A few months ago I read The Goal, by Eliyahu M. Goldratt, mainly because it has become extremely popular at business schools, and it looked fun. It was interesting, and fun. I didn't understand how the book's theory, called the Theory of Constraints, could possibly be applied to software development, but it was still interesting enough, and I figured if I ever found myself running a factory again, it would be helpful.
Last week I discovered his newer book, Critical Chain. This book applies the Theory of Constraints, introduced in The Goal, to project management, and it seems to really make sense.
Lets say you're creating Painless Software Schedules. Most people's intuition is to come up with conservative, padded estimates for each task, but they still find that their schedules always slip. Goldratt shows that the slip is precisely because we pad the estimates for each step, which leads to three problems:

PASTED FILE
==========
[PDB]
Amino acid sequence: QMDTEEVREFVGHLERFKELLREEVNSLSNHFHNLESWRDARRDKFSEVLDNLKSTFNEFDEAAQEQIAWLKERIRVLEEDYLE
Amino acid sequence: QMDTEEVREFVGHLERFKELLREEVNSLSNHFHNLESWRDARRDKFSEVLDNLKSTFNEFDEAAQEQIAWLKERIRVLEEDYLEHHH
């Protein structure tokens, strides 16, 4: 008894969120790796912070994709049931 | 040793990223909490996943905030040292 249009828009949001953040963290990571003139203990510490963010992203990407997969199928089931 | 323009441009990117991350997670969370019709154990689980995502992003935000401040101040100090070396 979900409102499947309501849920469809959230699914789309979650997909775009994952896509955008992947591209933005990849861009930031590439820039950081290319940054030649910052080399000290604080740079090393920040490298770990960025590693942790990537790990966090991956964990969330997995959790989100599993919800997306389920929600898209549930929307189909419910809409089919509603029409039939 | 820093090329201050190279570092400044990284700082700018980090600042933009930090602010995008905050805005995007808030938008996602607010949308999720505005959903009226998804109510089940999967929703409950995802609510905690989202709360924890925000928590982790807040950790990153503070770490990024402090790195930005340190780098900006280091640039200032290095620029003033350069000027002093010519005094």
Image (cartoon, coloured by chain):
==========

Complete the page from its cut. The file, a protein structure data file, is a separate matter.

Goldratt's solution is to choose task estimates that are not padded: each individual task's estimate should be exactly in the middle of the probability curve, so there is a 50% chance you will finish early and a 50% chance you will be late. You should move all the padding to the end of the project (or milestone) where it won't do any harm.
I can't do justice to an entire book in this short post, but if you're doing any kind of project scheduling or management, I highly recommend that you read both books (read The Goal first no matter what you do, both because it's more entertaining, and because it teaches you the foundation you need for Critical Chain).
You’re reading Joel on Software, stuffed with years and years of completely raving mad articles about software development, managing software teams, designing user interfaces, running successful software companies, and rubber duckies.